Bob Ferguson's interesting article in Food Safety (https://digitaledition.food-safety.com/february-march-2022/column-food-safety-insights/?oly_enc_id=3292C0332767G2X) the changes to food safety due to the use of WGS are described. Over the past few years, the pace of recall announcements seems to be accelerating, not slowing. However, the FDA insists that food illness outbreaks get smaller and affect far fewer people. The use of WGS is allowing identifying more illnesses and more outbreaks. Many of these outbreaks involve smaller and geographically distributed illnesses that would have previously gone unreported. WGS is helping identify and link these cases, so the number of "reported" illnesses goes up. WGS also allows taking steps to solve the root causes and reduce illnesses. The FDA GenomeTrackr program was at breakeven in its second year, a "surprise finding," The FDA researchers mentioned that in their collaboration with other countries using similar programs, they have learned that these other countries are seeing the same results. In 2019, 77% of the illnesses prevented were related to Salmonella infections, and 70% were related to Listeria. The FDA researchers estimate that the GenomeTrackr database could result in billions of dollars of net benefits once complete and fully implemented.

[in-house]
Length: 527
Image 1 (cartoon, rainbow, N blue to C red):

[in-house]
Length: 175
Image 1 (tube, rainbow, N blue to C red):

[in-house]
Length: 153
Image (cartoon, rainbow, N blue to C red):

How WGS continues to change Food Safety by helping identify the root cause of outbreaks
Column-Food Safety Insights | February/March 2022 | Food Safety Magazine
This column expands on the findings of the FDA study of the economic evaluation of the GenomeTrakr whole genome sequencing (WGS) program.